Recently while laying around on a lazy Sunday I sat through back to back viewing of Almost Famous (137th viewing) and Goodfellas (easily my 559th viewing) and could not help but again realize how amazingly tight their soundtracks were. Having seen these movies so many times it kind of feels as if Cameron Crowe and Martin Scorsese made special mixtapes for me. Every so often when I get nostalgic I can pop them in and hear their sonic time capsule and simultaneously be brought back to points in the movie and to the point in my life when I first heard the songs that these stellar movies introduced to me. Imagine my chagrin the next day as I helplessly watched the turderrific season finale of "How I Met Your Mother" shamelessly rip off Almost Famous and lazily rock Cat Stevens' "The Wind".
Once a song has made its mark in a movie it's off the table. No more re-uses. There are plenty of other songs out there for Ted Mosbey and Co to ruin! Go spread your taint on someone like Train or Keane. "The Wind" will forever belong to Almost Famous. Needing to put my rage to good use I decided to breathe deep and compile a list of my top ten favorite songs discoveries through film. Tim will be happy to know I ruled out anything and everything from Drive just because I've covered it far too many times.
Buffalo Bill, his poodle, and his mangina were all scary as Fuck so much that I muted this song from my subconscious. It wasn't till Kele from Bloc Party unearthed it with his 2011 cover did I realize how I had initially loved (and suppressed) this piece of 80's badassery.
on to the ten...
The directors of this film randomly heard this track on KCRW and decided to roll the dice with Devotcha as composers for the lion's share of the film's score. For rookies it in that field it worked well because no score (outside of my beloved Drive) of present memory seemed to play more of an integral role in a film
The opening 8 bit riff and the ensuing joyous Supermarket Sweep scene was a palette cleanser from the death and destruction that was the rest of 28 Days Later. I heard this song and fell in love and went straight to Circuit City and picked up Grandaddy's Sophtware Slump. Fast-forward to 2012 and the band, after a long hiatus, are back together and I'll be seeing then for the first time live. Hopefully rage monkey free.
Henry Hill's day of downfall had nothing to do with his Cadillac's car stereo. That mofo was blasting out banging tracks. The highlight for me was and still is this intense rocker from the vastly underrated Harry Nilsson. Peep the drum solo at the four minute mark!
The easy answer would be "The Wind" or “Tiny Dancer”, but I knew both of those songs already. "Something in the Air on the other hand was an epiphany for me. Pete Townshend played bass on this one hit wonder led by a Who roadie. Who knew!? (No pun intended. Seriously). Almost Famous' soundtrack is a staggering mixtape of love to Cameron Crowe's childhood and rock's "dying days" according to Lester Bangs. It is a flawless single disc soundtrack.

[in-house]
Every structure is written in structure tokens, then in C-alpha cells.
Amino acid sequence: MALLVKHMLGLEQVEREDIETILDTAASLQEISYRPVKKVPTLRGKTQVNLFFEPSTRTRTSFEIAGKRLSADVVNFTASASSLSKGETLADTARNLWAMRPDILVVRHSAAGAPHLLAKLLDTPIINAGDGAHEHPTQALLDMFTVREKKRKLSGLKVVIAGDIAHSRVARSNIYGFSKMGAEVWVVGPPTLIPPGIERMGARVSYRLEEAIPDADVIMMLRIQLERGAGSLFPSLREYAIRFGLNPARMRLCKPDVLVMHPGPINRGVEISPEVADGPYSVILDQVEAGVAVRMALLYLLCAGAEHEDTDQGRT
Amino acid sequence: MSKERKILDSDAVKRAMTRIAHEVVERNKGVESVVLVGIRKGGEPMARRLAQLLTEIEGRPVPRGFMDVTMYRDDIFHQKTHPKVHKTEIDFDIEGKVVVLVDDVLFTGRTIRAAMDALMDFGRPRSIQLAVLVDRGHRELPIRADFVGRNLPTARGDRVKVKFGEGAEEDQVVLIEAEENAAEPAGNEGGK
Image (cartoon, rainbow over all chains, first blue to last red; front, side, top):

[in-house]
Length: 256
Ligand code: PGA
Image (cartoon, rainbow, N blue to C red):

Boogie Nights was so chock full of music (and tits!) that it required two discs. This was a new song to me. Thank you, PT Anderson. PT took his scoring cues from his friend Quentin Tarantino and tried to fill his soundtrack with as many lost gems as possible. Breathing life into long forgotten songs is far more respectable than lazily rocking Queen's Under Pressure for the 100th time.
If I happen across this movie and it’s close to the end I’ll leave it on and embrace this song and imagine playing tether ball and drawing leigers for my own Deb. She'd be powerless against the deadly combination of my tether balls skills and this love soaked one hit wonder.
Without incriminating myself too much let me just say I was not in my normal state when I first heard this song. I was certain I was in the midst of a revelation and I had just uncovered a hidden Bob Dylan song that no one had ever heard before. I was frozen. It knocked me for a loop. When I finally sobered up I shazammed the song and learned it was not Dylan at all but Donovan...who had not too recently hit my radar ("Hurdy Gurdy Man") thanks in part to David Fincher's film "Zodiac" from 2007.
I was hip enough to see this film opening night, but not hip enough to have known this amazing song. It was instant love for both. Since then Richard Kelly released a director’s cut which removed “The Killing Moon” from the opening and replaced it with “Never Tear Us Apart” By INXS. If that wasn’t proof positive that Richard Kelly is a loose cannon who can’t be trusted, go rent Southland Tales or "The Box" Dude is clearly a one hit wonder. Echo and the Bunnymen on the other hand are full of hits. I suggest you dig deep into their back catalog asap!
Here's how much I love Perfect Day: If someone told me the only way I could hear this song I'd have to have a raging heroin addiction....well sorry Mom and Dad, but this song is just too damn good. Let it be known if it ever does come to that I will not be able to handle withdrawal. One ceiling climbing baby with a creepy 180 degree neck and I'm heading down to Hamsterdamn for some smack.
Everyone and their mother knows it now but there was a time when it was not so popular. Twenty years after Bohemian Rhapsody originally came out it was reborn as a sing along jam that Wayne, Garth, and every wannabe rocker would head bang to. Twenty years later it makes my #1 slot. In related news: Wayne's World is twenty years old.
You are old.